In a March 8 Senate Foreign Relations Committee (SFRC) hearing, the U.S. State Department announced it had delivered $500 million to the United Nations’ Green Climate Fund (GCF), a program intended to help developing countries adapt to and mitigate climate changes.
Heather Higginbottom, deputy secretary of state for management and resources, announced the Obama administration had given money to GCF, which drew much criticism from SFRC members because Congress had not approved funding for GCF.
While being questioned by Sen. John Barrasso (R-WY), Higginbottom told the committee the funds were diverted from the department’s Economic Support Fund, which provides economic funding to foreign countries.
“Did Congress authorize the Green Climate Fund? No … We’ve reviewed the authority and the process under which we can do it, and our lawyers and we have determined that we have the ability to do it,” Higginbottom testified.
Senators Threaten Legal Action
In response to Higginbottom’s testimony, Barrasso threatened to sue the administration for the “blatant misuse of taxpayers’ dollars,” saying the Obama administration violated the 1982 Anti-Deficiency Act, which prohibits the use of funds for programs not authorized by Congress.
Sen. Cory Gardner(R-CO) was also outraged by the State Department’s action.
In a statement Gardner provided to Fox News, Gardner said, “Lawyers cannot replace the constitutional requirement that only Congress can appropriate money.”
Gardner also said department was trying to “wave a magic wand and write a half-billion dollar check to a Green Climate Fund that they admit was never authorized by Congress.”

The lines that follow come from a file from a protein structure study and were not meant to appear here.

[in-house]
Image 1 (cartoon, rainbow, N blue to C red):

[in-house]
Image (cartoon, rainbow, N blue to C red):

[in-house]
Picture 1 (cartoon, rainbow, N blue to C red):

Gardner says he will conduct a “full legal analysis” of the funds transfer.
The $500 million is seen as a down payment on President Barack Obama’s commitment to provide $3 billion to the GCF by 2020. Obama requested $750 million in funding for the GCF in the fiscal year 2017 budget he offered in February.
Transfer Jeopardizes Future GCF Funding
“The Obama administration’s action is outrageous, and the fact they had to defy Congress and reprogram funds from the Economic Support Fund for the first measly $500 million contribution has enraged many members of Congress,” said Myron Ebell, director for the Center for Energy and Environment at the Competitive Enterprise Institute. “This almost certainly guarantees Congress will never appropriate any funds, let alone tens of billions of dollars per year, for the GCF.
“Sens. Barrasso and Gardner are just the tip of the outrage among Republicans in the House and Senate,” said Ebell.
While Ebell doubts the Congress will enforce the Anti-Deficiency Act in this particular case, he is fairly certain it will impact the State Department’s budget in future years.
“I’m pretty sure Congress will not appropriate any money for the GCF in fiscal year 2017 and will reduce the Economic Support Fund, and perhaps other accounts, so there is not enough money in the State Department budget to reprogram more than a few millions to the GCF,” Ebell said. “I think another attempt at a rider prohibiting funding for the GCF is also likely.
“Appropriators will also have to look at the Treasury Department’s budget, because the president has requested $250 million from [it], as well as another $500 million from [the State Department],” Ebell said.
Alyssa Carducci ([email protected]) writes from Tampa, Florida.